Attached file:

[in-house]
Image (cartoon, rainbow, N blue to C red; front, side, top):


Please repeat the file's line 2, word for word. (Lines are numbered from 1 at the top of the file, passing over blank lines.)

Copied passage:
Image (cartoon, rainbow, N blue to C red; front, side, top):